The basic syntax is familiar from HTML and XHTML, with some clarifications:
- Character encoding
- Element types
- Opening and closing elements
- Self-closing tags
- Character references, and escaping &
- Attribute syntax
All HTML5 documents start the same way:
…where html is case-insensitive.
And that’s it. No DTD. No namespace. From there straight into the <html> tag.
Declaring the character encoding is mandatory, and HTML5 gives you three ways to do so:
- At the transport level, eg by using the HTTP Content-Type header
- By using a Unicode Byte Order Mark (BOM) at the start of the file
- Using a meta element with a charset attribute that specifies the encoding within the first 1024 bytes of the document, eg
The older version of this syntax is still allowed:
<meta http-equiv="Content-Type" content="text/html; charset=UTF-8">
The Byte Order Mark is a fiendishly elegant approach (if rather opaque). Interestingly the W3C’s own validator raises a warning if you use it:
The Unicode Byte-Order Mark (BOM) in UTF-8 encoded files is known to cause problems for some text editors and older browsers. You may want to consider avoiding its use until it is better supported.
HTML5 defines five types of element – understanding them is useful background for some of the features below.
- Void elements: area, base, br, col, command, embed, hr, img, input, keygen, link, meta, param, source, track, wbr – Void elements have no end tag, so have no content (in the sense that a paragraph has character content).
- Raw text elements: script, style
- RCDATA elements: textarea, title – RCDATA is a concept from SGML, standing for “Entity references and character data” (or “Replaceable Character Data”). Which is what these elements can contain.
- Foreign elements: Elements from the MathML namespace and the SVG namespace
- Normal elements: All other allowed HTML elements
Only normal and RCDATA and normal elements are parsed as HTML. Void elements have no content. Raw text and foreign elements are parsed as other syntaxes.
Opening and closing elements
The start and end tags of certain normal elements can be omitted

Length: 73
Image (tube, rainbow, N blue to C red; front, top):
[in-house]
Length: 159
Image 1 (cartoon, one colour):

Generally this means that you can omit the end tag of an element in a semantically natural way. eg in a list, you can omit the closing <li> tags. Slightly more formally, end tags can be omitted where there is no other possible (or sensible) interpretation.
For example, this can only be understood as a closed list with two items:
<ul> <li>Item 1 <li>Item 2 </ul>
This was the case in older versions of HTML, but we considered it poor practice. HTML5 has a well-defined list of optional start and end tags for normal elements.
<div> is not on that list. Nesting div elements is commonplace, so the following would be ambiguous:
<div id="first">some content <div id="second">some more content </div>
Does second div come after first, or sit inside it?
The list defines optional start tags as well as optional end tags. Elements with optional start tags (provided they have no attributes, and some other conditions) are:
So this a valid HTML5 file:
<!DOCTYPE html> <title>valid</title> <p>This is a complete HTML5 document.</p>
The html, head and body tags are inferred.
It will become clearer whether we consider this good or poor practice in HTML5.
In XHTML, we’re used to closing void tags with a trailing slash, eg <br />
In HTML5, since void tags have no contents they do not have a closing tag. You can make them notionally self-closing with a trailing slash. There is no difference between the three breaks in the following paragraph:
<p> line 1<br> line 2<br/> line 3<br /> line four </p>
Foreign elements may also be self-closing.
Other elements may not be self-closing. eg <p /> is valid XHTML but invalid HTML5.
Character references, and escaping &
The ampersand (
&) may be left unescaped in some more cases compared to HTML4.
To see which ampersands we can leave unescaped, we have to take a quick look at a couple of related areas.
HTML5 defines three types of character reference:
- Named: &, followed by a character reference name (case sensitive – there are 2231 of them in HTML5), terminated by a ;
- Decimal: &#, followed by one or more digits corresponding in base 10 to a Unicode code point, terminated by a ;
- Hexadecimal: &#x, followed by a hexadecimal number corresponding in base 10 to a Unicode code point, terminated by a ; (case-insensitive: x or X, a-f or A-F)
Almost all Unicode characters are permitted:
The numeric character reference forms described above are allowed to reference any Unicode code point other than U+0000, U+000D, permanently undefined Unicode characters (noncharacters), and control characters other than space characters.
Like XHTML, the character references must be terminated with a semicolon.
This allows HTML5 to define an ambiguous ampersand: something that looks like a named character reference, but isn’t.
Normal elements, RCDATA elements and attributes (ie all data parsed as HTML) cannot contain ambiguous ampersands. Bare ampersands are fine.
If you think about it, this corresponds very closely to how you would debug bare ampersands in XHTML. You can easily spot an & that needs to be escaped, or an &-escaped string that is missing its ; terminator. The rules above simply formalise this, in order to let you use a bare & where it’s simpler and reads better.
Multiple attributes in a tag must be separated by a space.
You can write attributes:
- With a value in ‘single quotes’
- With a value in “double quotes”
- With an un-quoted value, if it contains no spaces
- With an empty attribute, in which case the empty string is assumed
This empty attribute syntax can be quite elegant. The spec gives the example:
XHTML would require disabled=”disabled” – more formal but much less elegant.
This syntax is a change from HTML4, which allowed the value without the name for enumerated attributes. Apparently this was not supported in browsers.